Exhibition: The Permeability of Certain Matters has messages about child labour

PUBLISHED : Wednesday, 21 May, 2014, 11:24pm
UPDATED : Thursday, 22 May, 2014, 1:14am

Spring Workshop


Hypnotic wallpaper lines the huge gallery space, the pinkish pattern grabbing the eye's gaze, interrupted sporadically by framed pictures of flowers. It's all very serene and country estate. But serious messages exist beneath "The Permeability of Certain Matters" exhibition at the Spring Workshop in Aberdeen, about mass production and the history of child labour.

The show, a collaboration between Cypriot Christodoulos Panayiotou and German-born Philip Wiegard, sets Panayiotou's photographic works against the backdrop of Wiegard's handcrafted wallpaper called "Festoons."

"The print used on the wallpaper is a pattern inspired by a German design from the 1770s. It's a pattern that used an artisanal technique that benefits from the dexterity of children's small fingers," says Wiegard. But what the viewer does not get to see are the behind the scenes "making of" of the wallpaper, a production process that took 11 days and involved 32 tiny-fingered children recruited from across Hong Kong.

Alluding to different labour practices of the pre-industrial and industrial age, Wiegard choreographed a workflow that optimised the labour intensive creation of large quantities of wallpaper.

Aged from eight to 15 years, the children worked from 10am to 4pm for several days last month, with rest and meal breaks and an allowance of HK$40 an hour (more than Hong Kong's minimum wage of HK$30 per hour). "My work contradicts the idea of a workshop in the context of art or pedagogy by inverting its commonplace values of self expression and creativity.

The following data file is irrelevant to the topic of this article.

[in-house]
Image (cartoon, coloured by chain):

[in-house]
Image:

"Instead, the children have to function within a standardised framework and workflow to produce the geometrical and repetitive pattern. But their signatures remain in the gestural expressiveness of the manual rendering. It creates a sense of instability and awkwardness that paraphrases the state and appearance of adolescence," he explains.

The photos are part of a project by Panayiotou, who visited Guangdong province to research what has become home to the world's largest concentration of artificial flower factories. "I've wanted to get to the production source of these globalised and aesthetically charged objects for a while; it's a sort of 'reverse pilgrimage'."


Spring Workshop, 3/F Remex Centre, 42 Wong Chuk Hang Road, Wong Chuk Hang, Tuesday-Sunday, noon-6pm. Ends July 13. Inquiries: 2110 4370